The Faculty of Social Sciences, Economics & Business Introduces Itself

Health psychologist Prof. Gudrun Sproesser teaches and conducts research on the science of health and behavior at the JKU.

Gudrun Sproesser
Gudrun Sproesser

We spoke with the new JKU professor about how and why technology and climate change affect our health and what she is hoping for during the coming years.

What is your area of research?
Gudrun Sproesser: My research focuses on the psychological impact in regard to the science of health behavior and understanding the health and well-being of humans. One focal point is conducting comparative research across cultures and different countries.

What is the field of Health Psychology about?
Gudrun Sproesser: In short, health psychology focuses on the many personal, social and structural factors that impact and affect our health.

Why did you choose to come to the JKU?
Gudrun Sproesser: I found the JKU’s research profile very interesting, on a whole as well as at the Institute of Education and Psychology in particular.

What do you find particularly fascinating about this area?
Gudrun Sproeser: I find it extremely fascinating to learn more about people's perceptions and behaviors when it comes to health.

Why is this research even necessary, meaning how will it improve our lives?
Gudrun Sproesser: My research addresses the great many challenges we face today, including a rise in the cases of chronic, non-communicable diseases, and climate change, as well as ongoing challenges brought about by globalization and increasing technology. In this respect, human behavior is not only a pivotal risk factor in the emergence of chronic, non-communicable diseases, but also a primary driver when it comes to climate change. My research focuses on increasing health-promoting behavior to prevent the development of chronic, non-communicable diseases. I am also exploring how sustainable behavior can be encouraged in an effort to counteract climate change. Furthermore, my research addresses both the practical and theoretical challenges that globalization and increasing technology bring about. I am, for example, exploring the psychological factors surrounding changes in the dietary and nutrition landscape brought about by globalization and increasing technology.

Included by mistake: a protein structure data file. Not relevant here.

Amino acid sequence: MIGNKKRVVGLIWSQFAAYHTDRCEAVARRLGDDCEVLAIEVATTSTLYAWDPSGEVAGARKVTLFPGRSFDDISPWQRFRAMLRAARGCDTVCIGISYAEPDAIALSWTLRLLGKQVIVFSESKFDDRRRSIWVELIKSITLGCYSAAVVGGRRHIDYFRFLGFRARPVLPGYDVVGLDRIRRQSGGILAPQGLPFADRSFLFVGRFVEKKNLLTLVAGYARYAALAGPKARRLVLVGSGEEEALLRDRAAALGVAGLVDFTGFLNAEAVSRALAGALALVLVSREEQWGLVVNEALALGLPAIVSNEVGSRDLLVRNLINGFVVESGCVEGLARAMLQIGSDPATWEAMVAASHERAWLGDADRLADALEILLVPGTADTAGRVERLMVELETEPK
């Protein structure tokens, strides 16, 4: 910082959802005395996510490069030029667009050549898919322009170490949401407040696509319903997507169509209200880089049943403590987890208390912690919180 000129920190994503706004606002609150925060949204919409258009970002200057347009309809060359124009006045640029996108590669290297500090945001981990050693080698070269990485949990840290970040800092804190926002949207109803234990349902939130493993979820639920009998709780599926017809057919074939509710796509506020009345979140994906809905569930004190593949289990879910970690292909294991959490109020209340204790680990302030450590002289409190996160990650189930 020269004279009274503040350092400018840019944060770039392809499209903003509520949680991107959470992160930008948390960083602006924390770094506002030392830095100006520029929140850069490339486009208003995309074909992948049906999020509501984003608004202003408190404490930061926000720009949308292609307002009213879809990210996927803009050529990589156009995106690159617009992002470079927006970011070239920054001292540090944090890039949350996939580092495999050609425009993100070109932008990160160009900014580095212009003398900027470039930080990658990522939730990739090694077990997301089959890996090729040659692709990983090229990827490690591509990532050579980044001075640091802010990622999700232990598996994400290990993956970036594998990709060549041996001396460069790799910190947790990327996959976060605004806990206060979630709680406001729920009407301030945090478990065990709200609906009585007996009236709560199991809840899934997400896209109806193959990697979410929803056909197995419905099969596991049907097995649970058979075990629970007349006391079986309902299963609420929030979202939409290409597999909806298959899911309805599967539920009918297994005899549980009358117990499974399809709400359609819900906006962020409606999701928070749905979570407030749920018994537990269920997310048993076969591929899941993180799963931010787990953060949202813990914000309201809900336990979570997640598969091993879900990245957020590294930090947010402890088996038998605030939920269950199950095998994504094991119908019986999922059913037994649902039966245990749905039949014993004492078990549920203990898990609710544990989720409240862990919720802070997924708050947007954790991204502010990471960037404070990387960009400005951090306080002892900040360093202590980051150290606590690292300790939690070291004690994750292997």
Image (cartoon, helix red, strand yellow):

Why should students take your classes?
Gudrun Sproesser: To quote some of the feedback I received from former students: "We enjoyed your seminar very much and as a course instructor as well as on a personal level, you are very accomplished and approachable." "I was very happy with the support you provided. You gave us your time and took so much effort. Really super! The combination of course requirements and the freedom to work was ideal, including the parameters to turn the work in during the given time frame."

What are you currently working on?
Gudrun Sproesser: At the moment, for example, I am studying the psychological factors surrounding changes in the dietary and nutrition environment brought about by globalization and increasing technology. It is interesting to note that modernizing the dietary and nutrition environment has not uniformly resulted in more modern eating habits, but rather country-specific traditions seem to persist. Against this backdrop, I am currently exploring the psychological factors and implications of ‘traditional vs. modern’ eating habits..

As part of another study, I am taking a look at cafeterias and how to support changes in environmental factors when it comes to a more healthy and sustainable consumption of food. To do this, we are conducting an initial pilot study about food perception in terms of sustainability at the university cafeteria.

What are your hobbies?
Gudrun Sproeser: I have two kindergarten-age children so that means that when I'm not working, you can find me at the playground.

What else do you want to do or achieve in your life?
Gudrun Sproesser: I recently created a good work-life balance. If I can keep this up, I have accomplished a lot.


About Gudrum Sproesser

Gudrun Sproesser (39) earned her doctorate degree in psychology at the University of Konstanz (Germany) in 2012. She conducted research at the Department of Psychology at the University of Pennsylvania (USA) between 2014 and 2016 and has been a professor of health psychology at the JKU since 2022. She is the recipient of several awards in recognition of her outstanding work, including the Early Career Award by the European Health Psychology Society and the Förderpreis für Neurologische Rehabilitation. In addition, she is a board member of the Health Psychology Section of the German Psychological Society.